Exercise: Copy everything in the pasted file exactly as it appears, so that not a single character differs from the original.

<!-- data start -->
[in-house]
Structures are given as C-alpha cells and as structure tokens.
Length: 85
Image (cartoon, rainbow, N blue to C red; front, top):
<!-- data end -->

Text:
[in-house]
Structures are given as C-alpha cells and as structure tokens.
Length: 85
Image (cartoon, rainbow, N blue to C red; front, top):